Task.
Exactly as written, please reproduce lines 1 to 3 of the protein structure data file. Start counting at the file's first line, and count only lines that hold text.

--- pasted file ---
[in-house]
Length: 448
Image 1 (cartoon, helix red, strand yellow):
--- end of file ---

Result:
[in-house]
Length: 448
Image 1 (cartoon, helix red, strand yellow):